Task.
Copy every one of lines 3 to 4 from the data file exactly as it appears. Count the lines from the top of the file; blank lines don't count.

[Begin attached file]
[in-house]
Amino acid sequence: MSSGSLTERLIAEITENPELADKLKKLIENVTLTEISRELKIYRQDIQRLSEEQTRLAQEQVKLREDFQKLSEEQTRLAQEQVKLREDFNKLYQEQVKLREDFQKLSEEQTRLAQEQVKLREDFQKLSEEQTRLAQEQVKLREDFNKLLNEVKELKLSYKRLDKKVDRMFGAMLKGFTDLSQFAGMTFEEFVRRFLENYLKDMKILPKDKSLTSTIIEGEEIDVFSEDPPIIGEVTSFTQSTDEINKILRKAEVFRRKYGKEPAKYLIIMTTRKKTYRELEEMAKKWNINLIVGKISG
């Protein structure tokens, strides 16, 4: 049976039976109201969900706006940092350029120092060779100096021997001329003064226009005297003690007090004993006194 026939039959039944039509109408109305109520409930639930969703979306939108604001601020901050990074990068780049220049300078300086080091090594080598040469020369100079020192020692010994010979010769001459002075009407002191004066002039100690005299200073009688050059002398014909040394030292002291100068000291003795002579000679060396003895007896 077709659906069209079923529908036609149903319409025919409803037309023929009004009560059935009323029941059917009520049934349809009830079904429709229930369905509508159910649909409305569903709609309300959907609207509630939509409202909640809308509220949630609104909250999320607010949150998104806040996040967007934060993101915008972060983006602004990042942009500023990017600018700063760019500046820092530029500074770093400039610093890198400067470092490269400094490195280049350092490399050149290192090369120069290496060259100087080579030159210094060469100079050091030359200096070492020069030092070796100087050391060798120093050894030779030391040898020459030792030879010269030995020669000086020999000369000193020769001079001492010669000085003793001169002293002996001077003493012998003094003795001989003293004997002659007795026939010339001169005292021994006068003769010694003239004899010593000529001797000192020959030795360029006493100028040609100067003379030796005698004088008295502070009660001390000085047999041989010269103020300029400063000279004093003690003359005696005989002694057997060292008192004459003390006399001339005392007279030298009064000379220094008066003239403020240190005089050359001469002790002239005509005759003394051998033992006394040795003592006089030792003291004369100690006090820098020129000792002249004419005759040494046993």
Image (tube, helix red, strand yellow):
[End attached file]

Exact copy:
């Protein structure tokens, strides 16, 4: 049976039976109201969900706006940092350029120092060779100096021997001329003064226009005297003690007090004993006194 026939039959039944039509109408109305109520409930639930969703979306939108604001601020901050990074990068780049220049300078300086080091090594080598040469020369100079020192020692010994010979010769001459002075009407002191004066002039100690005299200073009688050059002398014909040394030292002291100068000291003795002579000679060396003895007896 077709659906069209079923529908036609149903319409025919409803037309023929009004009560059935009323029941059917009520049934349809009830079904429709229930369905509508159910649909409305569903709609309300959907609207509630939509409202909640809308509220949630609104909250999320607010949150998104806040996040967007934060993101915008972060983006602004990042942009500023990017600018700063760019500046820092530029500074770093400039610093890198400067470092490269400094490195280049350092490399050149290192090369120069290496060259100087080579030159210094060469100079050091030359200096070492020069030092070796100087050391060798120093050894030779030391040898020459030792030879010269030995020669000086020999000369000193020769001079001492010669000085003793001169002293002996001077003493012998003094003795001989003293004997002659007795026939010339001169005292021994006068003769010694003239004899010593000529001797000192020959030795360029006493100028040609100067003379030796005698004088008295502070009660001390000085047999041989010269103020300029400063000279004093003690003359005696005989002694057997060292008192004459003390006399001339005392007279030298009064000379220094008066003239403020240190005089050359001469002790002239005509005759003394051998033992006394040795003592006089030792003291004369100690006090820098020129000792002249004419005759040494046993």
Image (tube, helix red, strand yellow):